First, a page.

If you’re finding yourself disappointed and frustrated when the pricing for your upcoming project has bid results ending up all across the board, chances are you could have done a bit more homework before sending out that RFP.
In a workshop that I will be giving for the Institute of Real Estate Management (IREM) on August 25th, one of the topics I will touch on is how often an RFP is sent out without properly talking to the bidders first.
There are many reasons why just emailing an RFP to someone without having a conversation results in poor bid quality. Without communicating to the people you expect to provide proposals, the following may happen:
1) You may end up sending your RFP to bidders who are too busy or uninterested in your project. This can result in fewer complete and competitive bids. If the vendors aren’t interested there is no motivation to sharpen their pencils.
2) Your vendors might take longer to respond than expected. When bidders have a heads up the RFP is coming, they can properly plan to respond to it and ask some questions in advance.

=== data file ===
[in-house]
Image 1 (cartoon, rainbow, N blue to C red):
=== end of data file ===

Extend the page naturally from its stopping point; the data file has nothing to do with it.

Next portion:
3) You may end up with bids from vendor who aren’t the best fit for your project. Having that initial conversation with your vendors before sending out the RFP gives you a chance to vet out each company and if they have the appropriate skill sets.
4) You might miss out on key advice. When introducing a project before it goes out to bid, your bidders may suggest a better approach to pricing out and performing the job. Hear what they have to say!
It is definitely worth the time upfront to check in with your bidders in advance to save you troubles in the future…